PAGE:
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Old October 3, 2012, 04:56 PM   #8
Senior Member
Join Date: November 15, 2007
Location: Outside KC, MO
Posts: 10,128
I have bought several, and all but one turned out fine.

The latest acquisition had some issues. The seller was working on consignment for a friend of his. The seller had a good rating, with many transactions.

Problem was, there were issues with the gun that I wasn't savvy enough to notice on initial inspection, and by the time a gunsmith friend of mine looked it over, it was too late to attempt a return.

Used, WWII issue Colt 1911. I knew it had been reblued, and had newer grips, but that didn't bother me. It arrived with a National Match barrel and bushing, and that itself wasn't a concern - the bluing and grips had already tanked collector value, and I had not paid a collector price, I had paid a shooter price.

However, it turned out that whoever did that barrel installation didn't fit the barrel quite right. Also, the person or persons had ground out the feed ramp in the frame, so that the .030 jump from ramp to barrel ramp was non-existent.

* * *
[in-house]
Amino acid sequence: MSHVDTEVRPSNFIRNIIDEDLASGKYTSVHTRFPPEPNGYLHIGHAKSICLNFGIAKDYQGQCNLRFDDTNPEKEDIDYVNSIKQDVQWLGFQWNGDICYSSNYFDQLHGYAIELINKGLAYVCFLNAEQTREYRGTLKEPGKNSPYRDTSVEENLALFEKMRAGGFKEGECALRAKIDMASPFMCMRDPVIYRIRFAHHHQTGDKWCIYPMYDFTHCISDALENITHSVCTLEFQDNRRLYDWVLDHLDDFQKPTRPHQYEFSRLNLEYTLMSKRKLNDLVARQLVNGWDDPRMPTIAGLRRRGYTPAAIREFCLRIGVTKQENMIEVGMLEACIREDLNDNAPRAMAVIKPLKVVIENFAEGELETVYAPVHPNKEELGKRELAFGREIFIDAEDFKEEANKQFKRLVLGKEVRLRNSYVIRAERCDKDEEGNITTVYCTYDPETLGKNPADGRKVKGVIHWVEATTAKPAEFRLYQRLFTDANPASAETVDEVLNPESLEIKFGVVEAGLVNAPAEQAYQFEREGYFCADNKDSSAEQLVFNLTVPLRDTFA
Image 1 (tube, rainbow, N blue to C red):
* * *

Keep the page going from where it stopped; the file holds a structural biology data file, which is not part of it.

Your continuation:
The gun worked ok with ball, but would not feed hollowpoints, due to the things that had been done to it.

Bob Hunter improved things somewhat (I'm lucky enough to live a half hour from Bob), and now the gun will run HP so long as I load ball as the last round in the magazine. Due to the metal removed from the ramp, he could only mill the barrel ramp so much without risking case support.

So, this was a "live and learn" for me. A quick once-over, then a range test with ball ammo, may not be sufficient for finding deeper problems. If you buy anything other than NIB, a gunsmith inspection might not be a bad idea, unless you really know what you are doing.

I'm a good shooter, but I am not much of a smith.
MLeake is offline  
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